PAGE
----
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red stuff

Posted By belinda73130 2/3/2005 3:49:32 PM
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belinda73130
 Posted 2/3/2005 3:49:32 PM
 

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Hi for the past 4 months I assumed that I had red algae covering rocks and glass. But a local pet store told me that it is bacteria not algae I was wondering when I brought the algae remover it di not work. She told me there was nothing that could be done to remove this except but I have been doing and that is scapping it off with brushes is this correct.
90overflow
 Posted 1/12/2006 3:28:03 PM
 

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Have both your tank and water source tested for silicates, phosphates, and nitrates. If found go to RO/DI water, which is availible from most food stores as a refill. You may want to set up your own RO/DI at a later date. You can treat the immediate problem with Boyd Enterprises, Inc CHEMI-CLEAN. You will need to follow the instruction exactly as they appear on the package. This is turning off the Skimmer, ozonizer, UV, and remove the carbon. A 20% water change is done at the end of treatment. I do another 20% a couple days later. I've had outbreaks after using Seachem Renew, don't know if this caused it, just is strange that I had problems after using this.

90Overflow, wet dry, home made skimmer; self cleaning, w/800 rio. Two return pumps, one off at night. 384W PC. Reverse flow under/over gravel filter. Fish, LR, some corals. Aquarium has over head matching cabinet.
JTlanders
 Posted 1/12/2006 3:28:03 PM
 

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Cyanobacteria or Red slime algae. Chemi-Clean will usually do the trick, but water quality must be kept high to prevent its return. Keep nutrients to a minimum with water changes, and watch how much you feed.

16yrs FW, 10yrs SW. It changes from time to time, but as of 9/26/07 - 125 FW Oscar/Pleco, 55 Community FOWLR/30 gal. sump, 40 QT, 20 Planted FW, Aquarium maintenance side business.
belinda73130
 Posted 1/12/2006 3:28:03 PM
 

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thanks for the info. But I have had problem with the water having ammonia spike when i do frequent water changes
90overflow
 Posted 1/12/2006 3:28:03 PM
 

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You need to test for Nitrite in your fresh water source, you can do a rough test with fasTesT. Throughly rinse the fixture with the water to be tested. Fill to line. Add one test chemical packet into sample, cap and shake for one minute, check against color chip after 10 minutes. This will give you low range 0.2 thru 1.0. For high range 2 thru 10 you will need distilled water. Rinse fixture in distilled water. Using dropper thoughly rinse dropper from your water source add 0.5 millilters of fresh water, from your source. Fill with distilled water to line. Add one test packet, shake for one minute, after 10 minutes check against color chip. Notice: High Nitrites can harm, and kill infants, people in poor health, people who take acid blockers IE Pepcid AC. Also can harm pets. You should check with your county to see if they can test your water.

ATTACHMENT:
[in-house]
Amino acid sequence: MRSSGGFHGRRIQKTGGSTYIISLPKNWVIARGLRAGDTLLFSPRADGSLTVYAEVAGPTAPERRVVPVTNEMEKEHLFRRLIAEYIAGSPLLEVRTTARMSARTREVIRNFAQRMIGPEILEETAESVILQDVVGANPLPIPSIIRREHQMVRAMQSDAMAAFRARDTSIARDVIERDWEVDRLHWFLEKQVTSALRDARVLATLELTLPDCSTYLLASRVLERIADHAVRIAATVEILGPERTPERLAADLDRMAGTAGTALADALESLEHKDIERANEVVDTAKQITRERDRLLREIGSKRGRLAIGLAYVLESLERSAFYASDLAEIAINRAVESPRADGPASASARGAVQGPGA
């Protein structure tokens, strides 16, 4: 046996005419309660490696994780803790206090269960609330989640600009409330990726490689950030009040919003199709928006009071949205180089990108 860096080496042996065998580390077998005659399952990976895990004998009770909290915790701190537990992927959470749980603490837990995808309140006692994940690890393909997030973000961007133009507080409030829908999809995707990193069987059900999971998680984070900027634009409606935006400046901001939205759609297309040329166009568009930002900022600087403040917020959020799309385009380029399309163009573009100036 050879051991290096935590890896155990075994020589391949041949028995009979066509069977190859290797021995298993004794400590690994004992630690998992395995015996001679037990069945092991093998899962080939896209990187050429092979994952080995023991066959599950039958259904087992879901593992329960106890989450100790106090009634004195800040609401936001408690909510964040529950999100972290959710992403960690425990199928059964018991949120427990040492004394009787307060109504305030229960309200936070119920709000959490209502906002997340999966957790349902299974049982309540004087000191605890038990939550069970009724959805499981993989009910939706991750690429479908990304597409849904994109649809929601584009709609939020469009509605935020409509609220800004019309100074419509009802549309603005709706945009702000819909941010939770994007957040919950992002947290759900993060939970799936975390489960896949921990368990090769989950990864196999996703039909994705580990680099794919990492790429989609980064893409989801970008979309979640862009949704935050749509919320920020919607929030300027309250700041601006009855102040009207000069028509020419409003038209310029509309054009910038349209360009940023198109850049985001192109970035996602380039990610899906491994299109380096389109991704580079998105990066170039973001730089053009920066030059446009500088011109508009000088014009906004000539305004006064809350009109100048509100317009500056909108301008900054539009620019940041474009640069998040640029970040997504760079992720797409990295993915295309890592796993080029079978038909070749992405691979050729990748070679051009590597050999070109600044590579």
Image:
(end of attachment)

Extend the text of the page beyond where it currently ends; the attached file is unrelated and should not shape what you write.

90Overflow, wet dry, home made skimmer; self cleaning, w/800 rio. Two return pumps, one off at night. 384W PC. Reverse flow under/over gravel filter. Fish, LR, some corals. Aquarium has over head matching cabinet.
belinda73130
 Posted 1/12/2006 3:28:03 PM
 

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I have a water system that filters the water on my sink already this removes ammonia doesnt it
JTlanders
 Posted 1/12/2006 3:28:03 PM
 

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It may or may not. As 90 suggested, test your tap water (The water after your filter). Ammonia, nitrite, nitrate, and phosphate can all lead to algae blooms.

A RO/DI unit for ultra pure water may be your only choice if these compounds are present. Be sure to change the filters on your home filter system as needed. Home filters are better than nothing, but they are no compasion to what a RO/DI can do for you.


16yrs FW, 10yrs SW. It changes from time to time, but as of 9/26/07 - 125 FW Oscar/Pleco, 55 Community FOWLR/30 gal. sump, 40 QT, 20 Planted FW, Aquarium maintenance side business.
belinda73130
 Posted 1/12/2006 3:28:03 PM
 

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this is brand new unit but i will check the water again after i filter it
belinda73130
 Posted 1/12/2006 3:28:04 PM
 

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that is why I stopped cleaning it often. I would only clean it once a month and only ten percent out of my 125 g and 55 gal and I had not had any problems in about 6 months or so. That is why I figured I had killed the bacteria again by cleaning it too much. thanks
JTlanders
 Posted 1/12/2006 3:28:04 PM
 

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When you do a water change, are you cleaning filter media in fresh water? That would kill off nitrifying bacteria resulting in an ammonia spike as you mentioned. The tank would have to cycle again each time.

If that is the case, only rinse media in old tank water. A water change by itself will not harm bacteria unless you are mixing up your saltwater without dechlorinating it first.


16yrs FW, 10yrs SW. It changes from time to time, but as of 9/26/07 - 125 FW Oscar/Pleco, 55 Community FOWLR/30 gal. sump, 40 QT, 20 Planted FW, Aquarium maintenance side business.

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